MAY 24TH, 2016

Boeing and Airbus are slugging it out in their fight for market share, which now includes another player

New York, May 24, 2016 — Bombardier’s landmark win of a large order from Delta Air Lines for its new C Series jets provides further evidence of the escalating and still evolving competitive intensity in the multi-decade Boeing/Airbus rivalry, according to Moody’s Investors Service.

The market for large commercial airplanes (100-plus seats) has long been dominated by The Boeing Company (A2 stable) and Airbus Group SE (A2 stable). While the two incumbent airframers are expected to retain the lion’s share of the market, in a new report, Moody’s said that encroaching competition over the course of the next decade will begin to chip away at their long-standing duopoly.

“It’s going to take a good bit more time to fully develop, but the beginning of the end of the long-running Boeing/Airbus duopoly is finally upon us,” noted Moody’s Senior Vice President Russell Solomon.

In its newly released report, “The Gloves Come Off as Being and Airbus Fight More Than Just Each Other for Share,” Moody’s said the recent order from Delta Air Lines, Inc. (Baa3 stable) for 75 CS100 jets bolsters the legitimacy of Bombardier’s new narrowbody program and ratchets up the competitive market dynamic. The deal was driven by several factors including a steep pricing discount and earlier availability of the jets, according to the rating agency.

While the widebody market remains somewhat pressured, with ensuing heightened competition, the much larger market for narrowbodies has been growing faster and is slated to accelerate further over the next several years. Recent market transactions have highlighted a growing incidence of ever more aggressive price discounting, though, according to the rating agency. Moody’s believes the recent Bombardier/Delta deal will add fuel to the fire, even though it doesn’t compete directly with Boeing or Airbus’ mainstream product — not yet, anyway. Moody’s underscored that Airbus has continued to close the gap with Boeing in their competition for market share, with the company winning more new orders and poised to increase deliveries of its newly re-engined A320neo more than a full year ahead of Boeing’s competing 737 MAX.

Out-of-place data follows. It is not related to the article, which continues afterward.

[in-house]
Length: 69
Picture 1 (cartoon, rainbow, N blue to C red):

“Boeing’s mid-sized 737 sales are keeping reasonably good pace, and the family as a whole is still the most widely sold aircraft of all time, but they have several competitors closing in,” commented Solomon. “Airbus’ larger A320s are outselling Boeing by a wide margin, and with Bombardier and Embraer moving up with more competitive offerings in the lower end of the market, this could pose more problems for Boeing.”

With airline customers increasingly holding all the leverage these days, as new orders continue to slow and oil prices remain relatively low, both Airbus and Boeing will continue to place emphasis on high market penetration and first-mover advantages as they trade jabs and protect against encroaching competitors, leveraging their low manufacturing costs and substantial production scale.

The report, “The Gloves Come Off as Being and Airbus Fight More Than Just Each Other for Share,” is available to Moody’s subscribers at